Maine’s New Attitude Toward Business
21 Apr, 2013
By Rachel Duran
In the last two years, Maine’s administration has been busy transforming the culture of state government, creating a robust “open for business” environment.
Measures include the passage of the largest tax cut in state’s history during last year’s Legislative session. Gov. Paul LePage noted in his State-of-the-State Address in February: “The average Maine family is receiving a $300 tax decrease. A 28 percent reduction in their state income tax. We also reduced taxes for Maine’s job creators. A critical step to attracting investment in Maine.”
The changes to the state’s tax system caught the attention of the Tax Foundation, which says Maine achieved the largest improvement of all states, rising from 37th to 30th place in regard to tax friendliness.
In regard to creating a more cooperative relationship between businesses and government, economic development leaders have been traveling the state engaging with businesses in workshops to learn their issues, such as what regulations might impede job creation. A red tape hotline and business answers program has been established to further assist businesses.
One of Gov. LePage’s key initiatives has been to create the Governor’s Account Executives program, says Brian Whitney, director of business development and innovation, Maine Department of Economic and Community Development. Whitney manages the program. “They are the governor’s ‘boots on the ground,’ connecting the right people, programs and resources needed to grow existing Maine businesses, start new businesses and attract out of state businesses; all with a goal of creating new revenue and new jobs for Mainers,” Whitney says.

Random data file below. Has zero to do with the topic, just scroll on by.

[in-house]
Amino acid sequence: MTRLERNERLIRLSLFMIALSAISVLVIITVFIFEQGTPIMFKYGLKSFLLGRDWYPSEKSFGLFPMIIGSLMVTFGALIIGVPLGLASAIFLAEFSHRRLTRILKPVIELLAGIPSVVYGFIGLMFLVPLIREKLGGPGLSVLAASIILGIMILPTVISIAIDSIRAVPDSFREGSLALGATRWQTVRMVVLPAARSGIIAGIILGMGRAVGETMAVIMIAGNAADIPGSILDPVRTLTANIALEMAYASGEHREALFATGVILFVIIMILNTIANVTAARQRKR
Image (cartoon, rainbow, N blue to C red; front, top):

The state’s administration has also certified 18 communities, recognizing their business friendly policies, permitting processes and their open lines of communication with businesses. In addition to certification, the communities receive a sign from the Maine Department of Transportation acknowledging their status; Whitney adds these communities become a key part of the state’s business attraction strategy.
As is the case across the country, Maine’s leadership is concerned with workforce development issues. The state has passed legislation to strengthen vocational education, and has created a legislative committee focused on workforce development issues. Whitney says the governor has placed a priority on developing the workforce, emphasizing the role of career and technical education and building a strong community college system to train workers.
At the local level, the Maine Academy of Natural Sciences, located in Hinckley in central Maine, is the state’s first high school to focus on natural sciences. The charter school has developed an agricultural certification program through a partnership with the local community college.
“We also did the same thing with machinists; many of our companies do business with the DoD and international companies,” says Darryl Sterling, executive director, Central Maine Growth Council, which markets the greater Waterville region, including Winslow, Fairfield and First Park.
The region has developed a WEALTH strategy, focused on: workforce and education; entrepreneurship and arts culture; agriculture and processing; logistics and transportation; technology and energy; and health care and related businesses.
Industries and Innovations
Maine’s economic history is tied to the abundance of natural resources. Strongholds include fisheries, forest products and agricultural products. The commercial fishing industry brought in $426 million to the state in 2011. The state’s natural resources and attractions also drive a $5 billion tourism sector.
“We have a proud history of manufacturing quality products, and Maine’s brand is synonymous with quality, such as products made by L.L. Bean,” Whitney says. He points out that the state has a strong defense manufacturing cluster tied to boat building, home to operations for General Dynamics Bath Iron Works, and Pratt & Whitney, a United Technologies Co. The state’s boat builders also specialize in producing custom yachts.
In the forest products sector, Sappi Fine Paper will invest $2.5 million to rebuild machinery at its paper mill in Westbrook.
Also in Westbrook, Idexx Laboratories Inc. is underway with a $35 million expansion, which features a three-story, 107,700-square-foot corporate headquarters office. The global pet diagnostic and technology company expects to add 300 jobs to its 1,800 Maine-based workforce.